Take The Big Sick for example, the famous rom-com by comedian Pakistani-American comedian Kumail Nanjiani that took its ranks among Muslim-American media in 2017. The story follows Kumail, who has been perpetually lying to his parents about studying for the LSAT and does stand-up comedy professionally, when he meets Emily, falls in love, and persists at lying to both his girlfriend and his family about his dedication to either. Kumail is clearly torn between two worlds– the world of his “American” life (Emily, stand-up, his passions, etc)– and the world of his family and culture (complete with arranged marriage and expectations to be a lawyer). The movie acts as a clear sympathy-builder for Kumail in the sense that we pity his poor and constrained life circumstances– it seems like the one thing standing between him and all his dreams is his family, culture, religion, traditional expectations, etc. And I’m not saying that these aren’t very real problems faced by men in South Asian American communities– they are. But somehow, this movie subtly degrades two really important facts in favor of winning a “white” audience: 1) the value of culture, tradition, and family, and 2) the compounded problems of women in these communities.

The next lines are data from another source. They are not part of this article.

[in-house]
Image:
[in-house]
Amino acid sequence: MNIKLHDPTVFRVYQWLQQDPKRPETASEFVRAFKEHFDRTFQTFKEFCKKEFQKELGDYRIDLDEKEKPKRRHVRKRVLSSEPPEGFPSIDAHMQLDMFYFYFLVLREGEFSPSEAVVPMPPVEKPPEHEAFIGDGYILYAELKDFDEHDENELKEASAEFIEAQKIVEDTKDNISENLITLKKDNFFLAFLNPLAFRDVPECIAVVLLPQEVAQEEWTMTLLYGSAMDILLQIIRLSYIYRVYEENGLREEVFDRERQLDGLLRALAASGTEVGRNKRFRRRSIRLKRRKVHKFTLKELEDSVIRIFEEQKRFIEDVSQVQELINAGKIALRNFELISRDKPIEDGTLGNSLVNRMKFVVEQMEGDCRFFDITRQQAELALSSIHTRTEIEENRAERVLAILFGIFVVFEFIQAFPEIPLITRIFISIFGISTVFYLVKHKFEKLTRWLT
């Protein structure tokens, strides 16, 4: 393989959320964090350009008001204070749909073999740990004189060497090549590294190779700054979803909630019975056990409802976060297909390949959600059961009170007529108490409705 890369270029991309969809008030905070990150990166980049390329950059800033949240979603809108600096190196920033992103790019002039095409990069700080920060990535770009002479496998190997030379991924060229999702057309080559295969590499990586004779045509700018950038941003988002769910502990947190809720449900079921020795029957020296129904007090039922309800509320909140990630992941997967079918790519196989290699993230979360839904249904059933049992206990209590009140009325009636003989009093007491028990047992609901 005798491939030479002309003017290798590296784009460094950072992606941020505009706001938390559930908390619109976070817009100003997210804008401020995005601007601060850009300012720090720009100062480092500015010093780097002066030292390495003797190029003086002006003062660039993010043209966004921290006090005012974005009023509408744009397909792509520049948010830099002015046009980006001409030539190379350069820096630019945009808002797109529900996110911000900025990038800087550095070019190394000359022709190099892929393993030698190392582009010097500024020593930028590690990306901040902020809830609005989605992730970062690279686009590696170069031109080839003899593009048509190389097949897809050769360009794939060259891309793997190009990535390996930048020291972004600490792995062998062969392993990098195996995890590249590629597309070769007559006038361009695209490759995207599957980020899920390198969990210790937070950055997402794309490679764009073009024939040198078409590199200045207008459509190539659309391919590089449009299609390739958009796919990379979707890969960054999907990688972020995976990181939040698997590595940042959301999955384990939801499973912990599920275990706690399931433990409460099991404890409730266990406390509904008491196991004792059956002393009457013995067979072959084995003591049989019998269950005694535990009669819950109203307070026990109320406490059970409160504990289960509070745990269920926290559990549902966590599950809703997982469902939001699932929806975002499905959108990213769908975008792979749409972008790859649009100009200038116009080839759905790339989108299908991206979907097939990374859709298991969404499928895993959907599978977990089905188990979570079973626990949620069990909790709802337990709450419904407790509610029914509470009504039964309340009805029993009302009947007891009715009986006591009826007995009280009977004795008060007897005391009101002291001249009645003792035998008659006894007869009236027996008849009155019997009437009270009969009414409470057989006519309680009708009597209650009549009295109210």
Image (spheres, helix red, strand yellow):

There is one particular scene that I’m still so annoyed by: when Kumail is meeting potential brides by his family, one of the girls asks him if he would like to meet up again. He refuses honorably, saying, “I don’t deserve you.” If this is the case, then why don’t men in these communities work harder and do better rather than seize their privilege by the reins and go to town? And why don’t we, as responsible art makers and consumers, attempt to challenge these notions?

The archetype of the wayward Muslim boy is not only present in The Big Sick, but so much of Muslim media that is put out today. It’s the case in Fatima Farheen Mirza’s bestselling novel A Place For Us, where the male protagonist runs away from home and renounces his religion (to be fair, though, I love this book with all my heart– it’s a very mature grasp on the culture and people). It’s the case in Osamah Sami’s Australian-Iranian rom-com Ali’s Wedding, where a young man lies to his whole community about getting accepted into medical school. There’s a blatantly ignorant son in Wajahat Ali’s play The Domestic Crusaders to contrast his socially aware younger sister. The archetype is real and constantly a tool used by Muslim writers because it reflects some truth in Western Muslim cultures.